Think about the last time you stared up at the clouds, listened to the birds, or planted flowers. Chances are that the experience brought some peace and calmness to the moment, and brought a "sense of oneness" with the world around you. Chances are that your response is shared by the majority of us.
According to the American Public Health Association, human beings of all ages are pre-programmed to find comfort in natural settings such as gardens, parks, and natural landscapes. Children value natural environments as a place to explore. Teenagers appreciate parks as a place to hang out with friends. Employees report diminished stress and fewer health complaints in settings that include nature scenes and plants. Elders who spend times in gardens have a reduced risk of dementia.
For many of you it's no surprise that nature influences our physical, emotional, and social well-being. Not only does spending time in natural environments increase physical activity, it also decreases pain, illness, AND mortality. Stress and anxiety are reduced. Researchers have also found evidence of increased attention span in children with ADHD (Dunckley) and increased life engagement in people with dementia (Jarrot et al). Finally, time spent in "green space" has been shown to increase empathy for others and bonding between community members.
Spring is a perfect time to take advantage of natural habitats to improve your well-being... whether in your personal "backyard" or the expanded "backyard" of your local and county park systems. Either way, you're bound to find at least one of the two environments that humans prefer: the small and comfortable where we feel safe, and savannas, grassy areas with few trees (ASLA). Go ahead... get out of the house. There's a good chance that your body, your brain, and even your neighbors will all thank you.
For links to research on the multiple ways that nature can improve well-being, visit the Health Benefits of Nature website sponsored by the American Society of Landscape Architects.
For a list of Lake County Forest Preserves, click here.
Remember that nature is your great restorer.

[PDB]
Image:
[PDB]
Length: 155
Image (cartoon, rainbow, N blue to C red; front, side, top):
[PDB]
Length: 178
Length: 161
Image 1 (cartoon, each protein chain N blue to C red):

- Calvin Coolidge
Like love, art, and comfy jeans, life often gets better with age. We're wiser, better at making good decisions. We're also happier and more resilient to everyday challenges.
May is Older Americans Month, first recognized in 1963 as a time to acknowledge the contributions of older Americans. This year's theme is Age Out Loud... let all the world know that getting older CAN be the best time of your life! Think about people who did some of their best work after 60...
Strategies for enhancing YOUR voice...
Researchers at Northwestern and at Massachusetts General Hospital/Harvard have recently begun focusing on a group of older adults called "superagers." Generally, superagers are defined as adults in their 70s and 80s with brain performance and structure similar to adults in their 50s or 60s.
You may know some superagers. If you're old enough, you may even be one. Superagers are engaged in life and highly interested in learning. They're "sharp as a tack," full of energy, and maintain a positive outlook (Associated Press).
What researchers discovered when they studied the brain images of superagers is that the "gray matter" of their brains, the cerebral cortex, is thicker and contains fewer plaques than the brains of the majority of their peers. This additional "gray matter" enhances their ability to perform complex cognitive functions related to memory, abstraction, language, judgment, creativity, judgment, emotion, and attention (Swenson).
How do people become superagers? Dr. Kornel, a neurologist at Weill Cornell Medical College, says that genetics makes a difference; some people are born "gifted." He does not downplay, however, the effects of environment. Physical and mental exercise, healthy diets, and social activity are also important.
Another researcher, from the the Massachusetts General/Harvard study, Dr. Barrett, suggests that the secret to being a superager is the willingness to push oneself to perform, mentally and physically. Nancy, a superager recently interviewed for the Today Show, exemplifies this concept. Nancy is a 74-year-old whose brain scan compares to that of a 20-year-old. Nancy credits her brain's youthfulness to daily exercise and constant exposure to new challenges. In the past year, for example, she has learned to play chess, pool, and the piano.
So what's your challenge for the day? Even if you think you're not destined to be a "superager," there's no telling what you can accomplish by pushing yourself to reach its full potential. Go for it!